Thompson’s comments touch on one of the most sensitive topics facing the select committee. Will the panel tell the Justice Department that it’s found evidence of criminal behavior by Trump or his former aides in trying to overturn the 2020 election? And what will DOJ – which is already conducting its own parallel criminal probe into this issue – do with that information?
A federal judge ruled in March in a civil case involving the select committee that it was “more likely than not” that Trump committed crimes in seeking to overturn the election. Cheney has also made clear that she thinks Trump broke the law. “It’s absolutely clear that what President Trump was doing, what a number of people around him were doing, that they knew it was unlawful,” Cheney said on CNN back in April.
The select committee has already held two public hearings where former Trump aides and administration officials have offered damning testimony on the ex-president’s refusal to accept political defeat in 2020, despite clear evidence that Trump knew he’d lost. There will be additional hearings tomorrow and Thursday.
However, Thompson told reporters on Monday night that he didn’t envision any criminal referral from the select committee to the Justice Department. This was a surprising comment because Thompson and Cheney have been careful for months to say that there’s been no decision yet on this question.
“That’s not our job. Our job is to look at Jan. 6. What caused it and make recommendations after that… We don’t have the authority.”
Thompson said the select committee’s plan was to release everything it has – all the depositions and documents – as part of its final report this fall. If federal prosecutors want to use that information for a criminal case, they’d be welcome to it.
Cheney and other select committee members quickly responded to express their displeasure with Thompson’s comments.
“The January 6th Select Committee has not issued a conclusion regarding potential criminal referrals. We will announce a decision on that at an appropriate time.”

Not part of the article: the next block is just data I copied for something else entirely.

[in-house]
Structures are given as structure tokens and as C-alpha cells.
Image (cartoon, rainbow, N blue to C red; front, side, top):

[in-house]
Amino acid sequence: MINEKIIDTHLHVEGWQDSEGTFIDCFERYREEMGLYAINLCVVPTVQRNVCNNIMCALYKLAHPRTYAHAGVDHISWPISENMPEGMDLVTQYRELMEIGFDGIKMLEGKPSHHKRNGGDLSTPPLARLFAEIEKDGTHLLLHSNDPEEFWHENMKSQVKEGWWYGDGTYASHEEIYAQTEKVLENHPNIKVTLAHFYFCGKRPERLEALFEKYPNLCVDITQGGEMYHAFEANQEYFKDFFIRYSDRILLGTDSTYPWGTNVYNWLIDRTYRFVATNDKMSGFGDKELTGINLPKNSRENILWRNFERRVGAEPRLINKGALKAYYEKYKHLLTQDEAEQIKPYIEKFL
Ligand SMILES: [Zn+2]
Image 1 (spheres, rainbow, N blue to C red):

And Rep. Elaine Luria (D-Va.):
“Our committee has yet to vote on whether we will recommend criminal referrals to the Department of Justice. If criminal activity occurred, it is our responsibility to report that activity to the DOJ.”
“I don’t know that the committee has reached a position on whether we make a referral or what the referrals might be.”
Yet in what otherwise has been a strong week for the panel, this flap shows the issue of a potential criminal referral for Trump – which has divided the panel for months – is nowhere close to being resolved.
Thompson wields a lot of influence as chair, and as we noted, he’s been praised heavily by his colleagues for his work over the last year. But Speaker Nancy Pelosi handpicked the members of the select committee. In the end, this will be a leadership decision along with the select committee, not one the panel will make unilaterally.
Also, it may not matter. Even a House-approved criminal referral doesn’t mean Trump will be charged with a crime. Attorney General Merrick Garland and other senior DOJ officials may decide not to prosecute.
And at this point, according to Thompson, the committee hasn’t decided whether to turn anything over to DOJ either.
– John Bresnahan
PRIMARY DAY IN AMERICA
What to look out for in today’s primaries
It’s Tuesday morning, which means it’s primary day! South Carolina, Maine, Nevada and North Dakota are on the clock. Plus, there’s a special election to fill an open House seat in Texas. Here’s our key races to track as results come in tonight.
South Carolina’s 7th District Republican primary: In one of the most watched contests of the day, Rep. Tom Rice (R-S.C.) — who voted to impeach former President Donald Trump in 2021 — faces off against Trump-endorsed state Rep. Russell Fry.
Rice’s impeachment vote has become the campaign’s main issue. While Fry’s messaging plays up Trump’s endorsement at every turn, Rice has stood by his vote to impeach Trump following the Jan. 6 insurrection. Notably, former Speaker Paul Ryan has traveled to Rice’s district to campaign for the incumbent.